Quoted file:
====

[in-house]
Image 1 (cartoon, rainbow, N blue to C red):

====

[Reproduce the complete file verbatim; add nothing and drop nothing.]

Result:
[in-house]
Image 1 (cartoon, rainbow, N blue to C red):